Henna is well known as a natural hair dye. But, did you know that it can also foster thick hair growth?
Henna has been used for centuries to promote hair health. Besides protecting your hair shaft from external damage, henna gives it a lustrous shine and soft texture. However, it is important to know which type of henna and herbal combinations best suit your hair type.
Read on for a detailed guide to using henna for healthy hair growth.
Our Ayurvedic Doctor Speaks
“The virya of Madayantika- henna is Sheeta - cooling. For hair, this means that it alleviates Pitta dosha problems like - hair ageing, greying, scalp inflammations, dandruff, hair thinning and excessively oily scalp.”
Dr. Zeel Gandhi (Bachelor Of Ayurveda, Medicine & Surgery), Chief Ayurvedic Doctor, Vedix
What Is Henna? Is Henna Good For Your Hair?
Botanically termed Lawsonia Inermis Linn., henna, is an ancient herb with various therapeutic properties. It contains a varied range of potent phyto components such as naphthoquinone derivatives, phenolic compounds, terpenoids, sterols, aliphatic constituents, essential oils, flavonoids, coumarins, and amino acids.
Henna is widely used in traditional, Ayurvedic, and Unani medicine for its antioxidant, antipyretic, antibacterial, anti-fungal, and anti-inflammatory properties. Being a natural coloring agent, henna caters to various cosmetic needs such as hair dyeing or body art.
Referred to as Madayantika in Ayurveda, henna helps to cure numerous Pitta-Kapha-related Kushtha (skin) and Keshya (hair) rogas. Its cooling nature soothes scalp irritations and the presence of varied phytochemicals promotes hair growth. It is also used to treat hair loss and androgenetic alopecia.
Types Of Henna For Hair
Due to its heavy demand during festive seasons and cultural ceremonies, various adulterated forms of henna are available in the market. Hence, you need to carefully read the labels and procure your henna from trusted sources.
1. Natural Henna
Natural henna is made from the leaves of the Ayurvedic herb, Lawsonia Inermis Linn. When used on the hair, it dyes an auburn or orange color on the shafts. This pure henna is known to heal various scalp conditions and stimulate new hair growth.
2. Neutral Henna
Neutral henna is extracted from a different plant known as Cassia Obovata Coll . In modern times, it is also used as a laxative. While neutral henna displays mild antibacterial properties when applied to hair, it is not a true dyeing agent. Bleached hair or hydrogen peroxide-treated hair may notice slight color changes when neutral henna is applied. However, it is mainly used as a conditioner with UV protection abilities.
3. Black Henna
While henna leaves give a temporary orange-brown color to your hair or skin, various chemical dyes are added to it to create a darker and long-lasting shade. This adulterated henna is known as black henna , which often contains phenylenediamine, a coal-tar dye. Phenylenediamine is also one of the prime causes of contact dermatitis.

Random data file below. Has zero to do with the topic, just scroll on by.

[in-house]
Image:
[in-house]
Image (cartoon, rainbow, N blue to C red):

Henna is a natural remedy for migraines. Applying a fresh paste of henna leaves on the forehead gives a cooling sensation and reduces stress headaches.
Benefits Of Using Henna For Hair
As per Dr. Zeel Gandhi, Chief Ayurvedic Doctor at Vedix, “The virya of Madayantika- henna is Sheeta - cooling. For hair, this means that it alleviates Pitta dosha problems like - hair ageing, greying, scalp inflammations, dandruff, hair thinning and excessively oily scalp. This in turn nurtures a healthy hair growth environment, when used regularly.”
1. Promotes Hair Growth
According to a study on androgenetic alopecia in mice, henna caused a drop in androgen hormone count in the area of application. In turn, this aided hair re-growth in the affected areas. Also, plant compounds such as naphthoquinone, flavonoids , saponins, and alkaloids exhibit anti-hairfall activity.
2. Prevents Dandruff
An imbalance in your scalp’s natural microbiome can lead to excessive proliferation of malassezia yeast, causing dandruff outbreaks. Henna’s antifungal properties help curb the yeast problem. Moreover, its anti-inflammatory and antioxidant  abilities aid healing and ensure healthy scalp conditions.
3. Improves Hair Texture
The nourishing properties of henna make it a perfect remedy for dry, damaged tresses. It conditions and improves hair texture, prevents split ends, and makes hair more manageable.
4. Soothes Inflammation And Scalp Irritations
Itchiness and inflammation on the scalp can be easily healed by applying henna. According to Ayurveda, henna is ‘kanduhara’, which means it can relieve irritations of the scalp and skin.
Besides leaves, even the extracts from the bark and the root of the henna plant, display powerful anti-inflammatory  properties. It is due to the presence of components such as isoplumbagin and lawsaritol.
5. Prevents Premature Graying
While premature hair graying can be triggered by internal health conditions, its connection to oxidative stress is most highlighted. When your hair is in the growth phase, there is an active production of melanin.